The leaning tower of Teluk Intan is the Malaysia equivalent of the world famous Leaning Tower of Pisa in Italy. It is located in the centre of the town of Teluk Intan, Perak.
The tower is slanted leftward similar to Tower of Pisa. It is 25.5 metres tall and from outside, it looks like a 8 storey building. In actual fact, you will find out as you go inside that the building is divided into 3 storeys.The tower is located in the center of a square surrounded by Jalan Pasar, Jalan Selat, Jalan Bandar and Jalan Ah Cheong.
The tower was built in the year 1885 by Leong Choon Chong, a Chinese contractor and was originally used as a water tank to store portable water during dry season for the people living nearby. It is also used as a time keeper of the town as there is a huge clock on top of the tower. The clock was made by J.W. Benson of Ludgatehill London and the cost of building it was contributed by the local people. The building itself is made of bricks and wood.
The pagoda style structure has been greatly influenced by Chinese architecture because the majority of the population of the town at that time was Chinese. Each storey has a height of 5 metres and you will need to go up 110 steps to reach the top of the tower. The reason for the leaning are because of the soft ground on the base of the tower and the weight of the water tank.
This is a tribute to a founding father of photography, the American photographer Paul Strand. In 1955, he released a book about Luzzara, a small town in central Italy, in collaboration with the famous neo-realist screenwriter Cesare Zavattini. To pay homage to this great artist, this summer I personally went to Luzzara to take a series of photos that shows the changes in this little town 60 years after the work of Strand was published.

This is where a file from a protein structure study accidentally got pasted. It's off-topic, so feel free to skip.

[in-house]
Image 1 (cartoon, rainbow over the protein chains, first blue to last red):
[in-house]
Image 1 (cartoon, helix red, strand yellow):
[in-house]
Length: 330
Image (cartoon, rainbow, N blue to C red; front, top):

Today marks the 125th anniversary of the famous Eiffel Tower and to celebrate, we bring to you this gallery post featuring 20 of the most popular snapshots taken by our fellow lomographers in the community!
Les Bleus may have been booted out of the World Cup by Germany, but for me France is always a winner. The number of places to go around Paris, especially, can never be exhausted: the Eiffel Tower, Sacré Cœur, the Seine, the Arc de Triomphe, and this time, I fell in love with the Cimetière du Père-Lachaise.
The LomoChrome Purple is famous for giving photographs a surreal and otherworldly vibe, but in this featured album, one of our community members had actually created imaginary worlds using this emulsion. Check out the photos after the cut!
The Iraq War is one of the saddest frames in the storyboard of humanity in recent times. A massive amount of weapons and soldiers was to be shipped from the U.S. bases in Northern Italy, but a bunch of people tried to stop it.
Seoul, South Korea is among the most progressive cities today, famous for its innovations in various fields and being hailed as the most connected city in the world. But have you ever wondered how certain places looked like decades ago? Have a look at Korean photographer Sungseok Ahn's fascinating series after the jump!
If you want to spend a weekend near the sea but do not want to restrict yourself to the usual routine consisting of the hotel and the beach, I recommend taking a trip to Cesena and Cesenatico, two towns located on the Adriatic coast of central Italy. I did mine by combining sunbathing and cultural excursions.This was documented with my trusty Lomo LC-A. Have a look!
The French photographer Bruno Barbey took a series of photos in Southern Italy in the '60s, many of these in the city of Naples. In this tribute to a great master of social and street photography, I'll show you a series of photos that I took in the islands of Ischia and Procida located a few kilometers from this wonderful city. Read more after the jump!